February 14 2018 Volume XXVII
Happy Valentines Day!
Currently stands at 1366.
Would like to welcome Mark Matthews as a new administrator of the GPA site.
Curt was recently promoted to author to help him with his posting of forum articles while we refurbishes his Grumman. There were enough good photos in his ports to make a YouTube video of the project. Keep up the good work.
Editors Note: We are trying a new format this issue, in essence a video newsletter of topics that occurred since the last newsletter. Let us know what you think. Suggestions are always welcomed.
We now have 512 videos in the collection called ‘Grumman Pilots’.
On a related note, what a perfect storm of events did to help out this number and push us over the 500 mark. We had just come home after 3 weeks on the road, got hit by a 30 hour ice, sleet, rain, freezing rain, snow then hard freeze so we just stayed in by the wood stove and produced videos. We hope you enjoy them.
I would also like to thanks two video contributors as well.
First, William Chapman, for his video of rebuilding the master and slave cylinders in his Cheetah/AA5A. Very informative and useful, thank you William.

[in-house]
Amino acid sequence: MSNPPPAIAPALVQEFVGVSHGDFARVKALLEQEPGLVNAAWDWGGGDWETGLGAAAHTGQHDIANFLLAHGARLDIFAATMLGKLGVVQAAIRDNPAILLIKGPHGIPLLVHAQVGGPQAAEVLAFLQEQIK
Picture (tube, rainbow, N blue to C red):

Second, Nate Volk, who sent us a medley of his first training flight in his TR2, which he bought for flight training. He soloed on Friday, January 26, 2018. This was also the first day of the Wrench and Elbow bending held at PHOG.
See the event for yourself!
Here are some of the things we saw at that event.
Here is some of the local color on Maui, the best of the islands so they say, Maui no ka oi.
Here are some of the other new videos:
Finally, we did another edit on Cheetah Flight to bring it down to be about a minute to serve as the new video on the Grumman Pilots channel home page on YouTube. This video will receive another edit as we morph it in to a new intro for the videos we post on the channel.
It was nice to spend time with Luann, Mark, Kelly, Ken and Jan and others in a relaxed environment. Ken and I may have talked airplanes a lot, but there is so much he knows that I need to learn, it just happens. Nice trip and ideas that I think you will like as they come out in the next several months. Stay tuned.
We you look at how over engineered these engines really are, you can see that they are almost bulletproof even in extreme conditions. You saw some of the cooling issues with missing baffles, and poor seals in the videos above, yet these engines fly all the time. First you have to look at the normal mission, full throttle to get into the air, and then back to 1900 RPMs as they slowly cruise to the destination, usually within 60 miles. So the engine is putting out very low power and gets adequate cooling for that mission. As Ken says, “Hang Loose’ has a whole new meaning when applied to flying in the islands.
Wrench and Elbow Bending, 7S5 June, 2018